IFAs have overwhelmingly revised their investment propositions, with advisors giving a variety of reasons for changing their approach.
Registered financial advisors have overwhelmingly chosen to update their Centralised Investment Propositions in the last 12 months or are planning to. It shows how the pandemic, Brexit and other forces have prompted wealth managers to re-think how they run client money, according to new research.
A survey conducted among 200 UK financial advisors this summer by Momentum Global Investment Management found that 97 per cent of advisors have acted or are ready to act. Two-thirds said the pandemic has spurred investment management changes, and just under half (45 per cent) said that Brexit was the main driver. Market volatility or a perceived shift in the investment landscape were the other strongest factors causing roughly a third of advisors to update their approach.
Regarding available investment options for IFAs, third-party multi-asset funds (40 per cent) was the leading choice among those surveyed, followed by a model portfolio service (22 per cent), with 37 per cent of advisors opting for a combination of the two.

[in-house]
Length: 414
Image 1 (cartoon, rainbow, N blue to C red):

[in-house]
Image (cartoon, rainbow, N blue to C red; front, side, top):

Momentum Global Investment Management chief executive, Ferdi Van Heerden, said that advisors are navigating a different environment from two years ago.
“In-house investment propositions are expensive and time onerous
when combined with the day-to-day focus of providing financial
advice – in turn many advisors are utilising third-party funds or
The key is to identify the best partner, he said.
“Some advisor business models will benefit more from a model portfolio service, while some will prefer third-party funds for the simplicity. Nevertheless, it’ll be important for IFA firms to choose those providers with enough flexibility and scale to provide a range of solutions across both these in-demand propositions.”
MGIM is a subsidiary of the South African insurance and investment business, Momentum Metropolitan Holdings, which listed on the Johannesburg Stock Exchange. The firm manages around £4.7 billion in assets globally.
A report from Fairstone issued this week, based on a large client survey, has sounded more alarm bells about the lack of financial education and advice throughout society, with the young feeling especially adrift.
A third of people in their twenties receiving financial advice said they wished they’d started at an even younger age, according to the study. Fairstone found that only one in 10 clients aged 65 and over started receiving financial advice in their 20s; with 40 per cent receiving financial advice for the first time in their 40s.